Women don't belong in combat

Anita Doberman

Women were first admitted to West Point in 1976 after President Ford signed legislation opening the nation’s service academies to females. That first year, 119 young women enrolled at West Point, and the proportion of women has slowly but steadily grown.

For the class of 2011, more women than ever entered West Point, bringing the number of female cadets to 225, fully 17 percent of the class.

This is good news for women, and good news for the military.

Diversity in our military means a wider range of ideas, opinions and capabilities. I would be extremely proud if any of my four girls wanted to join the academies or the military, and so would their military dad. There’s no doubt women’s contribution to our military has been invaluable, but not without a lot of debate and controversy, especially when it comes to women in combat, where, for the most part, women are still barred from direct roles.

I am grateful to those women who joined the military in the past, and blazed trails that opened options for my own daughters in the military, and in society at large.

But I don’t think women should be in combat.

It’s a sensitive issue, and unfortunately one that has been taken over by politics rather than reason. There is a strong push to “democratize” combat roles, but it’s an effort that is tellingly not led by many people who have been in actual combat. The legally protected equality that women enjoy in much of our society would be impossible without the contribution of women’s advocates on the political left — but they’re generally on the wrong side here. Men and women are not the same, and pretending they are does not make it so.

Part of the ideology of women’s rights, understandably perhaps, was the idea that many of the apparent differences between men and women are culturally imposed. Remove the obstacles in front of women, the thought went, and the differences disappear. Girls don’t play with dolls because they are more docile than their toy-car toting brothers, but because we give them dolls rather matchbox cars, or so the idea goes. Modern research has backed up some of this philosophy, but dispelled a lot of it too. There’s no doubt we raise our girls to be girls and our boys to be boys, but there’s less doubt than ever that biology plays a powerful role.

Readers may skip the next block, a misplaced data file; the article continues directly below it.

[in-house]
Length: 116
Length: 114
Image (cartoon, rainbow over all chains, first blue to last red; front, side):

And even if we assume that boys and girls really are nearly interchangeable, men are still much more suited to combat than women. Women are simply not as strong as men. Believe me, I wish we were. I’ll put a jar of food back in the pantry rather than ask my husband for help. Men average around six inches taller and 30 pounds heavier than women. But even pound for pound, men are far stronger. Especially in upper body strength, men are about half as strong as women of equivalent weight.

Technology has not changed the battlefield enough, nor will it even in the foreseeable future, to overcome the need for strength. Even ignoring the morale difficulties of a mixed sex fighting force, that might be just as compelling a reason to argue for combat remaining all-male, there is no room on the battlefield for someone who is a physical liability.

There are some women who are stronger than the average man, but not many. This makes the military uncomfortable, because it’s been forced into the unenviable position of being one of the country’s great defenders of political correctness. So while we can find women who are physically capable of combat, it would be expensive and unnecessary — the very hallmark of a decision made for politics and not logic. I want all my girls to have every opportunity that men can have, but I won’t elevate my genuine desire for equality over the needs of our military and the lives of the men who fight.

Anita Doberman is a freelance writer, mother of five and wife of an Air Force pilot stationed at Hurlburt AFB in Florida. The family expects to be moving to Cannon Air Force Base soon. Contact her at: